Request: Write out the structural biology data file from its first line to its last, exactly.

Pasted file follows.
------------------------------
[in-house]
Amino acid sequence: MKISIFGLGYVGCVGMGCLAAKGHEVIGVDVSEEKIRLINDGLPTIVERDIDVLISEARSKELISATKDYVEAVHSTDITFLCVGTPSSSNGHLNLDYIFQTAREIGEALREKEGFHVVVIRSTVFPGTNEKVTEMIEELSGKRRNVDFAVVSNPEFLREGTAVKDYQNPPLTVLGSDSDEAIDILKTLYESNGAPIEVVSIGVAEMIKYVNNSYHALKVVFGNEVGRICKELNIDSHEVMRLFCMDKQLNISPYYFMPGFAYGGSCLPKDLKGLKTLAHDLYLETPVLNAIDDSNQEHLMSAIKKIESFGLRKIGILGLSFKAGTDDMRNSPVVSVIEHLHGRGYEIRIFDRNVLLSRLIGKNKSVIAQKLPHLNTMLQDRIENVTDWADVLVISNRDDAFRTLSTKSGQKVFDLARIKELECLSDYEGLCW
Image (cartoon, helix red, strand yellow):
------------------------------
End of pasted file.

[in-house]
Amino acid sequence: MKISIFGLGYVGCVGMGCLAAKGHEVIGVDVSEEKIRLINDGLPTIVERDIDVLISEARSKELISATKDYVEAVHSTDITFLCVGTPSSSNGHLNLDYIFQTAREIGEALREKEGFHVVVIRSTVFPGTNEKVTEMIEELSGKRRNVDFAVVSNPEFLREGTAVKDYQNPPLTVLGSDSDEAIDILKTLYESNGAPIEVVSIGVAEMIKYVNNSYHALKVVFGNEVGRICKELNIDSHEVMRLFCMDKQLNISPYYFMPGFAYGGSCLPKDLKGLKTLAHDLYLETPVLNAIDDSNQEHLMSAIKKIESFGLRKIGILGLSFKAGTDDMRNSPVVSVIEHLHGRGYEIRIFDRNVLLSRLIGKNKSVIAQKLPHLNTMLQDRIENVTDWADVLVISNRDDAFRTLSTKSGQKVFDLARIKELECLSDYEGLCW
Image (cartoon, helix red, strand yellow):